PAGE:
Review of No No No Album by Beirut

Each Beirut album has its very own character and sound, none ever the same as its predecessor. No No No marks 10 years since Beirut's debut album Gulag Orkestar, an album hugely inspired by Eastern European music. The Flying Club Cup followed, a Parisian-sounding album, filled with strings and accordions. Then came The Rip Tide, which had a sudden leap into electronic sounds and styles that the band hadn't explored much before. Somewhere in amongst all of these influences sits No No No.

Beirut No No No Album

Beirut have garnered themselves a strong, loyal fan base over the last 10 years, from both indie and world music audiences alike. Lead singer Zach Condon has one of the most unique and timeless voices around; he could be from anywhere in the world and be any age (he is actually American and only in his twenties). When listening to the band's debut album from 2005, it's hard to imagine that it's a teenager singing with such depth and wisdom. 10 years on, Condon has matured and sounds more at home making music than ever.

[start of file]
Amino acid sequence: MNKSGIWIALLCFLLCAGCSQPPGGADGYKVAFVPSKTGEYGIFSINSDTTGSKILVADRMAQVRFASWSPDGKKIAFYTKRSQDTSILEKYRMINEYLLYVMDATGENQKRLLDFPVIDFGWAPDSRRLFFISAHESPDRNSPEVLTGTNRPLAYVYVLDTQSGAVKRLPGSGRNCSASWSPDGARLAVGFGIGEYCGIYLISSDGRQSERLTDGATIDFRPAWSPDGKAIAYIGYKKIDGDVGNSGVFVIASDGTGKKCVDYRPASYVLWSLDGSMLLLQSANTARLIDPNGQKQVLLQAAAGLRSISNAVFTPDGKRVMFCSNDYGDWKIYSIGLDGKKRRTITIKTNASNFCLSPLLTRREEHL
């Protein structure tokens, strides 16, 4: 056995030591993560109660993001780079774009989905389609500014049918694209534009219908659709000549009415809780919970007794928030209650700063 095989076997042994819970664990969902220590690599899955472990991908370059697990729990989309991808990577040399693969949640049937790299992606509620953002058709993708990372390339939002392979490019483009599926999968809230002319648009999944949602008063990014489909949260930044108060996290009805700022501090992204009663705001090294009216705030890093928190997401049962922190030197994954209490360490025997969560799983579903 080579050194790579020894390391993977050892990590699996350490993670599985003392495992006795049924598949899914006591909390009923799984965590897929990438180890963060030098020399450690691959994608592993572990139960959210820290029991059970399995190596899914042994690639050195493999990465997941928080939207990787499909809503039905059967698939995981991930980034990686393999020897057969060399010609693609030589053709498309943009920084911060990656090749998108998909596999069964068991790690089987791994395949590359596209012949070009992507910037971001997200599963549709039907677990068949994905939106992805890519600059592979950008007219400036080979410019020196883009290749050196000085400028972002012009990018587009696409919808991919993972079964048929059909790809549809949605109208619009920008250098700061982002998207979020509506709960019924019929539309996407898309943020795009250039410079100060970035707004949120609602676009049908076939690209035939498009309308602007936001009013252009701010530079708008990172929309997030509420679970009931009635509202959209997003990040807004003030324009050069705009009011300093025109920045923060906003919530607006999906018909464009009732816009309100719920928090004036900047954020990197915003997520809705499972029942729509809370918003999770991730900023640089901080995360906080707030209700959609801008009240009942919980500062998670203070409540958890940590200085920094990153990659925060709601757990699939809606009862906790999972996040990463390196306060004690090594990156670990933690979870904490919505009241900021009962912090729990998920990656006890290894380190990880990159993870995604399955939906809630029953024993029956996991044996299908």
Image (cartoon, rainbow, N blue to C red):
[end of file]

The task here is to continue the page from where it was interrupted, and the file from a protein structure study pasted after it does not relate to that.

No No No is probably the band's most settled and structured album to date. It flows seamlessly from upbeat, catchy songs to more melancholy, deliberate tracks. The lead single 'No No No' is the catchiest of them all, pop-inspired and sure to stay in your head for days after. Current single 'Gibraltar' shines as the opening track, a perfect summer song and Beirut at their very best. 'At Once' is a beautiful, brooding song, showing the more contemplative side of Condon, his voice exuding depth and loss. The album soars, taking you on a beautiful journey that's sure to make it one of the best albums that 2015 has produced. As always with their albums, you are left wishing it was just slightly longer.

It's a carefully crafted indie pop album, infused with sounds from across the world. It's clear that the band are enjoying themselves hugely, making the album a real treat for both existing fans and newcomers alike.

No No No is released on 11th September 2015.

Louise Mawson